The time has come for the AAUP to take, and voice publicly, a clear position on the question of what exactly “full freedom in publication” means in the 21st century. The conversation will be difficult, but it is one we need to have, and the AAUP is uniquely well positioned to lead it.

Rick Anderson

Rick Anderson

Rick Anderson is Associate Dean for Collections and Scholarly Communication in the J. Willard Marriott Library at the University of Utah. He speaks and writes regularly on issues related to libraries, scholarly communication, and higher education, and has served as president of NASIG and of the Society for Scholarly Publishing.

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48 Thoughts on "An Open Letter to the AAUP: Faculty Authors and “Full Freedom in Publication”"

As an aging and specialist researcher. I have a few comments.
On the first point, I am neutral. In an ideal world, I would like all who might be interested to have access to my work. But if I have to pay out of my own pocket to make that come true, then no deal: the number of those disadvantaged will be small, and I always respond to personal requests for a pdf.
On the second point, it will restrict my freedom if the only way I can publish is to pay. Even if I had institutional funds, their policies might prevent me from seeking the most appropriate outlet for my work.
On the third point, the thought that my work might be altered or taken out of context by others would certainly inhibit the way I write. It will tend to promote defensive writing. Defensive medicine is not an encouraging analogy.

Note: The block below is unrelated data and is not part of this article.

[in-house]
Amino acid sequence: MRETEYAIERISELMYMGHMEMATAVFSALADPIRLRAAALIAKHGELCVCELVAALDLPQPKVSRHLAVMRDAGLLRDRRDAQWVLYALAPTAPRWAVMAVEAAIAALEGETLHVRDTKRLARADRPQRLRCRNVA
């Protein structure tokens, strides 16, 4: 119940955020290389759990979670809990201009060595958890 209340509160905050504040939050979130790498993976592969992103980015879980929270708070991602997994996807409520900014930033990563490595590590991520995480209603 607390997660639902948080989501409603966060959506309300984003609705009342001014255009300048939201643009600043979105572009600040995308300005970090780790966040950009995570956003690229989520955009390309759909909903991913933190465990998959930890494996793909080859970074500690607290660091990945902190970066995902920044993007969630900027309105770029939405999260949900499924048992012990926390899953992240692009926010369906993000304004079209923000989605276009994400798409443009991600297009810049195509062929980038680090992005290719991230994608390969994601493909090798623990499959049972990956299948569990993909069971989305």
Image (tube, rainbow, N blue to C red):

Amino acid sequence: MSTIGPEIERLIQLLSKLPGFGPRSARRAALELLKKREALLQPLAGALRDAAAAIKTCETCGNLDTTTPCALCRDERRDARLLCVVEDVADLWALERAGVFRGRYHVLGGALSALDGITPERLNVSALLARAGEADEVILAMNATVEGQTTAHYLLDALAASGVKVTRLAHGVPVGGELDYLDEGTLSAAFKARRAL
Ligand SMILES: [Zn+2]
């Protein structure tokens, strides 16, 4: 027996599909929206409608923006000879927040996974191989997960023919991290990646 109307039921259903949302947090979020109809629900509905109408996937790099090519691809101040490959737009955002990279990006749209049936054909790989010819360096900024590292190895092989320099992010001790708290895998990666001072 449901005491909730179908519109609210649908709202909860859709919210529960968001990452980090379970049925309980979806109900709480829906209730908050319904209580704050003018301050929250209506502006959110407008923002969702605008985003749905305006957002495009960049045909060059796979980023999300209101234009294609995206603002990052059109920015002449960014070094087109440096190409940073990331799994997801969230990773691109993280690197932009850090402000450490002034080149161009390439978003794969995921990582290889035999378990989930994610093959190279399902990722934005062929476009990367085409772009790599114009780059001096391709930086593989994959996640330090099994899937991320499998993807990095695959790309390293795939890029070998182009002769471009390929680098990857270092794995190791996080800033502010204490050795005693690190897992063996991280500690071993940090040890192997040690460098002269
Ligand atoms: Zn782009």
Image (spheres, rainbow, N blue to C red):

On the fourth point, within my specialist branch of zoology, universal open access might spell the death of the specialist societies that promote such studies. Apart from enabling publication, such societies promote training, support for new entrants, small grants in aid of research and the organisation of conferences. Papers scattered among APC driven megajournals would destroy these communities and exclude those with no access to funds.

Rick, it is truly rare when I find myself disagreeing with you, but I had to pause to see you cite Beall’s article in Triple C as the case for why OA is a bad thing. Beall’s is a reckless article with a large dose of paranoia. The case against OA can be made much more strongly than that and has advocates whose outlook is balanced and pragmatic.

Hi, Joe —

I wasn’t citing Jeffrey’s piece to make the case that OA is a bad thing, but as an example of someone claiming (incorrectly, in my view) that OA is a bad thing. For the record, I agree with your assessment of his piece.

The organization is called the AUP.

There seems to be a conflation in this post between an academic’s personal freedom to publish and the publisher’s responsibility to make publications free to the public.

A salient point to this conversation is that the AUP is almost entirely comprised of non-profit university publishers. Many of which, despite debilitating budget cuts, have been and are grappling with the OA question. Many are on the forefront of OA initiatives (lots of overlap, for example, between the AUP members list and the publishers list of Knowledge Unlatched: